survival of the fittest
- (evolutionary theory) Natural selection.
1872, Charles Darwin, “Chapter IV”, in The Origin of Species, Sixth London Edition edition:
- Slow though the process of selection may be, if feeble man can do much by artificial selection, I can see no limit to the amount of change, to the beauty and complexity of the coadaptations between all organic beings, one with another and with their physical conditions of life, which may have been effected in the long course of time through nature's power of selection, that is by the survival of the fittest.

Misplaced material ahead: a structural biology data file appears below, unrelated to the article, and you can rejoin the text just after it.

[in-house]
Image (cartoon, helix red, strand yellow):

- ^ R. B. Freeman, notes on On the Origin of Species (1977), in The Works of Charles Darwin: An Annotated Bibliographical Handlist, second edition. The relevant sentence of the fifth edition of Darwin's On the Origin of Species is: "This preservation of favourable variations, and the destruction of injurious variations, I call Natural Selection, or the Survival of the Fittest."